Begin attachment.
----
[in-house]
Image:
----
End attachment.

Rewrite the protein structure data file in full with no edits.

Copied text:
[in-house]
Image: